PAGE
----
Interestingly enough it wasn’t noises or shouting out that were the problem. It was the fact that the pupil had endless questions. And I mean endless! We were discussing nature in a novel and the amount of questions the pupil asked about owls was phenomenal! How do owls sleep? Do you think they can understand each other? How close do they have to be before they can spot their prey?
Needless to say I was exhausted! I didn’t want to stop the pupil asking questions, but they weren’t focused on their work and the pace of my lessons was slowing trying to answer them.
As this pupil was able to write confidently, I gave them 3 laminated question cards. Instead of asking questions throughout the lesson, they then had to write down the 3 questions they really wanted an answer to. In return for the pupil not interrupting my lesson, I agreed to give them a few minutes at the end of each lesson to ask me the 3 questions. If I didn’t know, I’d promise to find out for the next lesson.
It worked beautifully. Not only did the pupil start to think seriously about what they wanted to ask, but they learnt through the process that there is a right time and a wrong time for questions!
4. Inside and Outside Voice
This works really well for pupils with autism who have very black and white thinking. A noise-o-meter could be too difficult. They may find it hard to tell the difference between a 3 and 4 in terms of volume. Instead it becomes very simple. An outside voice how you shout to your mates on the yard at break. An inside voice is how we would talk if there was a baby in the room.
Why go with when a baby is in the room? I noticed in the pupils I taught that whenever a colleague brought their baby in to meet staff (and some pupils who were always nearby!) that even the loudest, most disruptive pupil would become much quieter. Whether it was from having brothers and sisters at home, I’m not sure but it worked. They never asked ‘How loud is that?’ They would just know.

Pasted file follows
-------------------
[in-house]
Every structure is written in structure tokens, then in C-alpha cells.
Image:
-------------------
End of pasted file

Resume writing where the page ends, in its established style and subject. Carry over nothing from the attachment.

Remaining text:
5. Quiet Fiddle Toys
Finally, we have all taught a pupil who just has to fiddle with something. Whether it’s stimming or fidgeting they still have to move. Whether it’s tapping a pencil, taking apart a pen or drumming their fingers on the desk they just have to move. And that’s okay.
What is more challenging is when a child arrives with a ‘fiddle toy’ given to them by parents or paediatricians to play with in class. In my experience, many of these toys are brightly coloured and made from hard plastic. These attract the attention of other pupils. They are also quite noisy when tapping on the desk and are easily taken apart leading to a clattering of hard plastic pieces attracting the attention of everyone nearby. . Not only does this disrupt the lesson but the pupil often becomes completely distracted from the lesson trying to put the thing back together again!
There are other fiddle toys that are fine. The are made of soft materials, that don’t click or clatter. My personal opinion on the best thing to give a pupil who needs to fiddle? Blu-tac. They can twist it, shape it, make models out of it if they want to but it’s quiet. Other pupils see it as boring . This it stops the ‘why can they have a toy and I can’t?’ questions.
What ways do you have to manage noisier pupils in the classroom?
Comment below and let me know.